VANCO Financial Group
We are seeing a thirst for information, even instruction, about personal finances. Some want to learn how to reach specific goals such as retirement or paying for college while others want to learn how to make ends meet or to become more confident or wealthy.
The reigning “infotainers” are out in force, especially Suze Orman and Dave Ramsey, the darlings of late-night television and the well-paid lecture circus. Unlike CPA Ed Slott, they are not licensed or regulated and aim at those on lower incomes with their glib, sometimes witty, advice. While I question their credentials, no one can doubt their sincerity. Unfortunately, they hide their true sophistication under mantels of mass appeal. I wish they would speak less and listen more.
Slott, on the other hand, appeals to the middle class and above with careful, measured advice not likely to cause rash or unintended consequences. He avoids the quick response venues and would not dare practice in public.
A question put to Suze at one of her appearances left me furious when the questioner was advised to eliminate debt rather than purchase a home. Dave shocked me when he avowed he could earn 12 percent year in and year out using mutual funds. The incomparable Peter Lynch is the only money manager I know who came close.
Their appeal reflects our lack of confidence regarding personal finances. Who is to blame? I think a fair answer is both parents and the school systems. The latter offer no “personal finance” curriculum and probably no deep discussion of economic systems, such as socialism versus capitalism and communism. The former, depending on their own experience, often assume such information will be ‘absorbed’ or taught in school.
Of course, a great way to learn is to earn a wage and enjoy the fruits of such labor. Unfortunately, fewer teens are expected to do so any more. (I was proud to get a job and earn a weekly wage when I was 11. Nepotism helped; I washed small engines for my uncle.)
We may also want to rail quietly at the media that implies “getting rich” is easy. Supposedly, anyone can do it. So, if you are not doing well financially, you are a failure. Such a belief fosters a severe loss of self-confidence.
Aside from the obvious – a return to “home economics” that taught family budgeting and preached thrift – we need to continue to emphasize the importance of allocating income and the difference between “needs” and “wants.” I may need a car to get to work; I want a sports car. Also, expectations of new college graduates as to pay, benefits and advancement are woefully misinformed – joining the board after five years is NOT realistic.
Our clients’ difficulties most often arise as the kids see how well their parents have done, but not the hard work it took to get there. Of course, Mom and Dad want Junior and Missy not to have to work summers or to forego pleasures to afford necessities. The unintended consequence has become coddling and unrealistic expectations.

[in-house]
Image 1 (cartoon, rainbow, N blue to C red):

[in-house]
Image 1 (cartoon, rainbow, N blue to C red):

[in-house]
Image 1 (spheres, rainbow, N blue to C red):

I have heard of several curricula designed to provide financial literacy but have seen none in action. We need more. We need to be willing to experiment. I strongly support Junior Achievement, an exercise in the creation and operation of a business that cannot be beat. STEM courses, especially math and algebra taught using practical, believable applications, can help.
One observer of the K-12 curriculum suggests classes in grades 3, 6, 7, and 8 that target how money works on a practical level including coinage, making change, saving for postponed gratification, and basic budgeting. Upper grades would include the theory of money (What is it? Why does it work? How?) and study the various economic systems.
College curricula are diverse and do not address personal finances unless a student studies for the Certified Financial Planner (CFP) designation. However, basic economics should compare the various economic systems as well as their political consequences (Cuba, Venezuela).
Lastly, as citizens of the greatest capitalist nation on earth, we need to be vigilant. We need to remind politicians of the failures of government interventions. We must be mindful of the fact that almost 20 percenr of our population pays no income taxes and 25 percent is paid by the top one percent and almost 70 percent is paid by the top 20 percent of wage earners. It seems that ignorance of the ‘big picture’ is spurring a lot of skepticism about taxes and responsibility. That part of our financial system will have to change as government expenses continue to grow.
We “financial professionals” try to spread the gospel of early education regarding personal finance. Maybe home economics sounds sexist or dated, but it served its purpose well when it came to budgeting, saving and frugality – not a bad message for any age.
We spew blogs and frequent videos to highlight financial topics from buying a home to investigating insurance or reducing taxes. I wish there was a single comprehensive text we could tell our clients to read. My list is long and none is complete by itself. In the near future I plan to publish the list, however voluminous, in my blog.
Meanwhile, success in personal finance requires an inquiring and discriminating curiosity to both listen to and question all the advice thrown your way. And yes, even mine.
About the author
G. Holland vanValkenburgh, principal at VANCO Financial Group, has 40 years of experience in financial advising.